In the days when Cliff Huxtable andJell-O commercials ruled the American airwaves, it would have been virtually unthinkable that Bill Cosby — the avuncular sitcom dad, the stand-up comedian, the tough-love moralist who toured campuses and preached family values — would be convicted in a sexual assault case.
But with the guilty verdict leveled against Cosby on Thursday afternoon, his artistic legacy and public image are irrevocably damaged, and perhaps will even gradually be erased from a popular culture in which he thrived over a wildly successful career that spanned decades, experts say.
"This final act of his story is the one that is going to completely change how we think about the first and second acts," said Robert Thompson, a professor of popular culture at Syracuse University.
Cosby's downfall began after dozens of women came forward, one by one, and publicly accused him of sexual assault, a wave of voices that preceded the #MeToo movement. The first criminal court proceeding against him ended in a mistrial, but Cosby's fate was likely cemented on Thursday after a jury concluded he drugged and assaulted Temple University employee Andrea Constand in 2004.
Cosby, 80, has claimed that encounter was consensual. He now faces a maximum sentence of 10 years in prison.
At the height of his fame, Cosby cultivated a squeaky-clean persona, the tough-but-caring paterfamilias of "The Cosby Show" who earned the admiration of tens of millions of viewers with his grandfatherly smile and seemingly endless supply of colorful sweaters. He was widely known as "America's Dad."
"He was the epitome of the likable star, someone who appealed to the whole country," said Tim Brooks, a television historian.
Cosby was also a racial barrier-breaker, making history as the first black actor to co-star in a network show, "I Spy," in the 1960s — a cultural landmark that paved the way for legions of African-American entertainers.
"It was a tremendous milestone," said Treva Lindsey, a professor of African-American women's history at Ohio State University. That role "paved the way for other television representations of African-Americans that defied stereotypes."
Cosby parlayed his TV super-stardom into a prolific — and lucrative — sideline as a pitchman, appearing in well-known commercials for Jell-O and Coca-Cola. He became instantly recognizable, ever-present on the small screen.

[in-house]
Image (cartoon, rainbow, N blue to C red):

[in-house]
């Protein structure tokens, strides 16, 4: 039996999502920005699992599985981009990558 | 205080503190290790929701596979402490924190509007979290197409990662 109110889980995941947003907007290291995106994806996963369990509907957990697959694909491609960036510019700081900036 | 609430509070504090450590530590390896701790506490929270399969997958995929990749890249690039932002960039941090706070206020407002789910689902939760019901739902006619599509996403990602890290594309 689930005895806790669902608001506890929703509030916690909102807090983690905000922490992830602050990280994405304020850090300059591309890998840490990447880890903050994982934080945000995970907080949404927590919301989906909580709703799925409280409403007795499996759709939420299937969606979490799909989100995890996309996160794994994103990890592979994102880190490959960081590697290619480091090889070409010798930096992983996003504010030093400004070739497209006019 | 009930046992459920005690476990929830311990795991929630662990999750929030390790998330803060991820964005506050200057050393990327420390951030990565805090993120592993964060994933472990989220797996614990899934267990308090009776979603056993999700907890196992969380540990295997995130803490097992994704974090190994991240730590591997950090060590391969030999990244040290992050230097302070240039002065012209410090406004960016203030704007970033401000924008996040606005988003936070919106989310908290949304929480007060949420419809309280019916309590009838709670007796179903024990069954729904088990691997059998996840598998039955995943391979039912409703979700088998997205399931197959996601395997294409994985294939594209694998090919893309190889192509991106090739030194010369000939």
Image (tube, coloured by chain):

But amid his recent legal ordeal — a torrent of allegations, two trials — his stature rapidly diminished. The entertainment division of NBC cut its ties with him, shelving a potential new project. Netflix nixed the premiere of a stand-up special. And once-ubiquitous reruns of his sitcom began to disappear from the airwaves.
In the years before the allegations broke, Cosby had become a far less prominent celebrity. And he was not exactly a stranger to controversy, either. He drew fierce criticism in recent years for comments about social conditions in black neighborhoods, including blasting men for wearing baggy pants.
Michael Eric Dyson, a sociology professor and MSNBC contributor, wrote a book in response to a 2004 speech Cosby gave to the NAACP in which he criticized low-income black people. In an excerpt published by NPR, Dyson wrote that "Cosby's comments betray the ugly generational divide in black America."
"It is ironic that Cosby has finally answered the call to racial leadership forty years after it might have made a constructive difference. But it is downright tragic that he should use his perch to lob rhetorical bombs at the poor," Dyson wrote.
Cosby's critics seized on what they characterized as his hypocrisy. In what turned out to be one of the most influential stand-up comedy routines of the modern era, Hannibal Buress condemned Cosby's public sermonizing in light of rumors of his alleged sexual misconduct.
That performance apparently helped open the floodgates, and a wave of serious accusations against the comedian soon followed. Authorities eventually reopened a criminal investigation, and he was charged in 2015.
The raft of allegations against Cosby forced his longtime fans to reckon with the pain he was alleged to have caused, said Lindsey, the African-American women's history professor.
Cosby's first trial ended with a hung jury. His second was far more conclusive.
"For all his achievements in comedy and television, his legacy is now secure," said Jared Gardner, the director of pop culture studies at Ohio State University. "He will forever be the poster child for rape culture and the ways in which privileged men have managed for too long to avoid the consequences of their crimes."